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What Advanced SEOs Should Know From The Google Raters Guidelines (SMX Advanced Recap)
During this SMX Advanced session, panelists discussed what SEOs need to know about Google's Search Quality Rating Guidelines, created for the human beings who double-check that the Google algorithm is performing as designed. Columnist Joy Hawkins recaps.
Back in November 2015, Google first publicly released the guide it provides to human raters who help it determine the quality of search results. Before then, some leaked copies were available online, but this was the first time Google had officially released them. Then, in March 2016, these guidelines were updated.
At SMX Advanced 2016 in Seattle, panelists Jennifer Slegg, Jenny Halasz and Ruth Burr Reedy talked about Google’s guidelines and the insights to be gleaned from them in a session entitled, “What Advanced SEOs Should Know From The Google Raters Guidelines.”
My top 21 takeaways from this session:
- Raters don’t impact the actual search results. Instead, Google uses these for experiments to see what needs to be adjusted in the algorithm.
- If you are an online store, you are held to the Your Money or Your Life (YMYL) standard, which is the highest standard because it means the pages could have an impact on the current or future well-being of the person viewing them.
- Google search quality raters judge pages based on Expertise, Authoritativeness, & Trustworthiness (EAT).
- Expertise: Related to the author and how well they know their specific topic. Just because you’re an expert at one subject doesn’t mean you’re an expert in everything.
- Authoritativeness: Related to the actual website. The About Us page tells Google a lot about your company. Make sure you keep it updated.
- Trustworthiness: Why should a user trust your website? Does the site look sketchy? Looks matter!
- The search quality raters look to see if the needs of the searcher were met. Are you giving the searcher what they’re looking for?
- If your site isn’t mobile-friendly, you automatically fail the “Needs Met” criteria.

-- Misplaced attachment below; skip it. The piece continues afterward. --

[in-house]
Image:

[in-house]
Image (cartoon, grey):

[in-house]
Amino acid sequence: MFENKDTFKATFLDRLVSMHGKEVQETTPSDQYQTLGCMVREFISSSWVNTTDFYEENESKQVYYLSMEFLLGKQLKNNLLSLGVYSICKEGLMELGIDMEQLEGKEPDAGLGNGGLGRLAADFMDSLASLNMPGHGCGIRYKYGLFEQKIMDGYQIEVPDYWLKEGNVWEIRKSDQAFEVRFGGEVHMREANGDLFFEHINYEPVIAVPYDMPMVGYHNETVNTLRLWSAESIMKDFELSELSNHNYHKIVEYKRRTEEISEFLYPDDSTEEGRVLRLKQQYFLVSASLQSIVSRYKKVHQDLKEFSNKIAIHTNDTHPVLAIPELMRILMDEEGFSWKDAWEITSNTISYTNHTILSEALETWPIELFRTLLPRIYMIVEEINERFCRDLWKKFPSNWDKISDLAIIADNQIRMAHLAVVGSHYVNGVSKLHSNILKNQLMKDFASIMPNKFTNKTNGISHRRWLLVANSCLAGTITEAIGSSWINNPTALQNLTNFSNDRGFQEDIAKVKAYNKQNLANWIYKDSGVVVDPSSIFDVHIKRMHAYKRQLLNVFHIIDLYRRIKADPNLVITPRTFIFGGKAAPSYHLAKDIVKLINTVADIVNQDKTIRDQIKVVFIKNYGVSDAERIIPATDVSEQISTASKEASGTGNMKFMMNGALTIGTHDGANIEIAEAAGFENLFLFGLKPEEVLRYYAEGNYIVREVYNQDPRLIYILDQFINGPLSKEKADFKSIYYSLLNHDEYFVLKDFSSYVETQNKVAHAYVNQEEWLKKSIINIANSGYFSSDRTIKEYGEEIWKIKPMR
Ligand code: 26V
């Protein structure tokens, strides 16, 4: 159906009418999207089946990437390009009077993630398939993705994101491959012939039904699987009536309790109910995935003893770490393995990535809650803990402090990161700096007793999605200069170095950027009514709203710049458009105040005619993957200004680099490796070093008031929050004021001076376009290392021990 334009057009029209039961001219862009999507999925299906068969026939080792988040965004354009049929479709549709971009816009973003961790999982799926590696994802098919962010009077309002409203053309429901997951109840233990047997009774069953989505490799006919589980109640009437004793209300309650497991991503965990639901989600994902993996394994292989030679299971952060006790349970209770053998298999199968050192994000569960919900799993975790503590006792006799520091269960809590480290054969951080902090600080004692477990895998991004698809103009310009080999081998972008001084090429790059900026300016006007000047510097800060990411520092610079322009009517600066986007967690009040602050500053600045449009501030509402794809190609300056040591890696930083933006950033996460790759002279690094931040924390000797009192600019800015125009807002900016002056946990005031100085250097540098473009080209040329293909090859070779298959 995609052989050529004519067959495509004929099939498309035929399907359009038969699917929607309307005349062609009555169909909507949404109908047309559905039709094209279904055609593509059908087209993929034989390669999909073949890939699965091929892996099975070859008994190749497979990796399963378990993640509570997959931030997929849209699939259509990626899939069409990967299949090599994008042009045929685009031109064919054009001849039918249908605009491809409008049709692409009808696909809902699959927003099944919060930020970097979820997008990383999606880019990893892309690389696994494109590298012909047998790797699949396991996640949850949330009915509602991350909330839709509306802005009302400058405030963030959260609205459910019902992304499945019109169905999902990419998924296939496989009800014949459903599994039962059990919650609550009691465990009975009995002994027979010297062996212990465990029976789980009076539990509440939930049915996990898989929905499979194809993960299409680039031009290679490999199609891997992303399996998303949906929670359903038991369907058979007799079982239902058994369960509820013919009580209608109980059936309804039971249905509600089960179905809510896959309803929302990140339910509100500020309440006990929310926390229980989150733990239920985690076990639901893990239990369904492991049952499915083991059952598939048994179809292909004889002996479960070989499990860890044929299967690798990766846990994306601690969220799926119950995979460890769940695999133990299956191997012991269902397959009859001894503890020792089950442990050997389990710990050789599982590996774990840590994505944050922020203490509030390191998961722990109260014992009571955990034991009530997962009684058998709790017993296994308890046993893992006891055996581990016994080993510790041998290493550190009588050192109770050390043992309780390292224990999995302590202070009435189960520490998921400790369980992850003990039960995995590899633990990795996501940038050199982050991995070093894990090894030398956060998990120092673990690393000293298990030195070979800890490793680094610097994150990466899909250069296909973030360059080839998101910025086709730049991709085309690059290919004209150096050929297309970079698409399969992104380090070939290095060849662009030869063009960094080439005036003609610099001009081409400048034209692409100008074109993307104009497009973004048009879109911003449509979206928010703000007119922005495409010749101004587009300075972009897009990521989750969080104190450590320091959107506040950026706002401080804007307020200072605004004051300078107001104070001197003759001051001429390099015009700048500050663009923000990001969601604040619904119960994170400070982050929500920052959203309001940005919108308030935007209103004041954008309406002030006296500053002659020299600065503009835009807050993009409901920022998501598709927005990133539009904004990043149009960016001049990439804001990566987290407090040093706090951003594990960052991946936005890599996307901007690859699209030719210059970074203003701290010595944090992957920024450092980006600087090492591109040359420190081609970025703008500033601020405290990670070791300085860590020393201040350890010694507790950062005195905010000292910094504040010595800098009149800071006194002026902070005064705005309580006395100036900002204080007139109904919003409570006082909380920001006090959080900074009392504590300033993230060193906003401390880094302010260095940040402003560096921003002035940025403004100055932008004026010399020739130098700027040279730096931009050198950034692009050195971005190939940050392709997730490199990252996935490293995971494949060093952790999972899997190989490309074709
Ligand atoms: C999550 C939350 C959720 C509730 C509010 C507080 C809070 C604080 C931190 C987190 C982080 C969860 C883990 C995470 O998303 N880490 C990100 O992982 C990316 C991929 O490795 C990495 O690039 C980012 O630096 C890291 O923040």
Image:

- If you want to see if your quality is great, read it out loud and see if it sounds funny.
- Stop obsessing about how long content is. Can you honestly write 1,000 words on how to hard-boil an egg?
- How great is your online reputation? Don’t worry about one or two bad reviews, but rather your overall online presence.
- Does your website have a lot of distracting supplementary content? This is basically any junk that is not your main content, like a newsletter popup that makes you hit an “x” that says, “No, I don’t want to make a million dollars.” Google took a lot of references to this out in the updated version of the guidelines in March, which was probably because a lot of this type of content doesn’t exist on mobile (There simply isn’t room for it).
- Google uses human raters because the searchers are human!
- If you get a medium rating, that doesn’t necessarily mean you’re doing anything wrong; more likely, it just means that there is nothing special about your website. You’re “fine” but not “great.”
- If you’re offering a product or a service, your site should make it obvious how to get hold of you.
- Showing customer feedback on your website is great. Use a service like Get 5 Stars.
- Make sure your website shows where you are referenced online — news articles, Wikipedia articles and so on.
- The guidelines are for how Google wants the search results to look like, not necessarily how they are. It’s optimism vs. reality.
- Google hasn’t told us how many raters exist currently.
- Think of the rules more as guidelines than actual rules.
- Some of the guidelines are weighted more toward the actual page and not the domain itself.
- Scraped content doesn’t fool Google.
- Trust is built with Google in very small moments. Look for grammar errors, and be careful your ads are not too intrusive.
- Expert Roundups don’t raise expertise, authority or trust. They may help you get links, however.
See the full presentations below:
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